TAMBURLINI, Giorgio, CAVALIERE, Roberto, FANTUZ, Fiorenzo and ALUSHAJ, Anduena, 2018. Un villaggio per crescere. Project approved within the Fund for the fight to educational poverty (0-6 years). In: ISSOP2018 - Early Childhood Intervention: Science, Systems and Policies - Promoting Healthy Development of Vulnerable Children [online]. Bonn, Germany: DGSPJ. 27 September 2018. p. 1–120. [Accessed 4 November 2018]. Available from: https://www.issop.org/cmdownloads/tamburlini_2-issop-2018/
Background: Educational poverty (EP) is a worrying phenomenon In Italy, being one of the strongest determinants of the early onset of social inequity. “Un Villaggio per crescere” is a country-wide project supported by the Fund to fight educational poverty) established in 2015 by the Italian Government with the Support of Bank Foundations. The Fund is aimed at improving accessibility and quality of early child education (ECE) services in economically and socially disadvantaged communities, where ECE services are difficult to access or not available. We describe how the Fund’s overarching aim was translated into programmatic features.
Method: The design of the project was informed by a children’s rights approach, the early interventions concept and the ecological theory applied to child development (1,2) and based on the evidence of long lasting benefits of quality parental time and development-focused practices (3-5). The key strategy is to provide parents and their young children with opportunities for engaging in activities, such as reading, play, music, gardening, art and incorporating them in home-based activities. [1. Shonkoff J. The Science of Early Child Development. Closing the gap between what we know and what we do. Center for the Developing Child, Harvard University, Mass. 2007. 2. Bronfenbrenner U. The ecology of human development: experiments by nature and design, Cambridge, MA: Harvard University Press, 1979. 3. Del Bono D, Francesconi M, Kelly Y et al. Early maternal time investment and early child outcomes, IZA Discussion Paper No. 8608, 2014. 4. Walker SP., Wachs TD, Grantham-McGregor M, et al. Inequality in early childhood: risk and protective factors for early child development. The Lancet, 2011;378(9799):1325-1338. Tierney AL, Nelson CA. Brain development and the role of experience in the early years. Zero to Three 2009; 30(2): 9-13. 5. World Health Organization, United Nations Children’s Fund, World Bank Group. Nurturing care for early childhood development: a framework for helping children survive and thrive to transform health and human potential. Geneva: World Health Organization; 2018.]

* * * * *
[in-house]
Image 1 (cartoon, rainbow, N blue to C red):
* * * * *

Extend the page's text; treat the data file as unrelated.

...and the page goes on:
Results: The project was established in 10 different communities in 10 municipalities and planned to reach and engage up to 4.000 families by the end of the third year. Each center operates for an average of 10 hours per week and is served by 3 to 4 educators specifically trained. Child development, parental competences, communities’ involvement are monitored as a basis for impact evaluation, ensured by an independent authority. Strategies to reach out for families and ensure retainment include home visits, social networks and networking across all sectors, including public, private non profit and private for profit.
Discussion: The project responds to the international call for testing innovative approaches to nurturing care (5). It offers parents and children in disadvantaged communities the opportunity to be introduced and get engaged in a combination of activities, all of which have been proven as effective in fostering child development and parent-to-child relationships. Rigorous independent impact evaluation and plans for ensuring sustainability over time are part of the design and represent its greatest challenges.
Giorgio Tamburlini, Roberto Cavaliere, Fiorenzo Fantuz, Anduena Alushaj , Centro per la Salute del Bambino – onlus Trieste, Italy